Using Inheritance Mapping Strategies (Single Table, Joined, Table Per Class)

When designing a database schema for an application, one common requirement is to represent a hierarchy of objects with relationships and properties. In object-oriented programming, inheritance is a powerful concept that allows us to organize and reuse code by defining a base class and extending it with more specific subclasses. However, mapping this hierarchy to a relational database poses some challenges. Hibernate and JPA provide three inheritance mapping strategies: single table, joined, and table per class. Let's explore each of these strategies in detail.

Single Table Strategy

The single table strategy, also known as the superclass table strategy, represents the entire class hierarchy in a single database table. All properties of the entire hierarchy are mapped to the columns of this table. Additionally, a discriminator column is used to determine the specific subclass for each row.

This strategy has several advantages:

  • It is simple to implement and understand, as it requires only one table.
  • It provides decent performance, especially for fetching objects of the base class or querying objects that share common properties.
  • It does not require any joins, resulting in faster query execution.

However, it also has some drawbacks:

  • The table can become crowded when the hierarchy becomes large, leading to decreased performance.
  • Nullable columns are common since not all properties will be applicable to all subclasses, resulting in wasted space.
  • Changing the superclass table structure could potentially impact all subclasses.

Joined Strategy

The joined strategy, also known as the subclass table per concrete class strategy, represents each class in the hierarchy with its own dedicated table. The common properties of the superclass are stored in a separate table, with a foreign key relationship to each subclass table. This strategy allows each subclass table to only include its unique properties.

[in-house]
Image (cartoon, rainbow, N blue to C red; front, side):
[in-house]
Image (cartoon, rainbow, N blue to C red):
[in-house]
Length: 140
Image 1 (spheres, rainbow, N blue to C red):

This strategy has the following advantages:

  • It offers a well-structured database schema, avoiding duplicate columns and providing better data integrity.
  • It supports nullability as columns are specific to each subclass, reducing wasted space.
  • It allows for efficient querying by providing a clear separation of tables.

However, it also has some limitations:

  • Performing queries requiring properties from multiple subclasses involves using joins, which can impact performance.
  • Modifying the superclass table structure does not impact subclasses, but modifying the structure of a subclass table affects only that particular class.

Table per Class Strategy

The table per class strategy, also known as the concrete table per class strategy, represents each class in the hierarchy with its own dedicated table. Unlike the joined strategy, there is no common table for superclass properties. Instead, each table contains all properties associated with its respective class.

This strategy has the following advantages:

  • It offers a clean and independent schema for each class, allowing for better performance and flexibility.
  • It does not require any joins, resulting in faster query execution.
  • Modifying the structure of one table does not impact other tables.

However, it also has some drawbacks:

  • It can lead to redundant columns and a potentially inconsistent database schema.
  • Referential integrity needs to be maintained manually since there is no inherent relationship between tables representing the same class hierarchy.
  • Querying objects from the entire hierarchy can be complex and inefficient.


Choosing the right inheritance mapping strategy depends on the specific requirements and characteristics of your application. The single table strategy provides simplicity, while the joined and table per class strategies offer better database schema organization. Consider factors such as hierarchy size, performance requirements, and flexibility when deciding on the most suitable strategy.

Hibernate and JPA provide flexible options for mapping inheritance hierarchies, ensuring that you can efficiently represent complex object models while maintaining a well-designed database schema.

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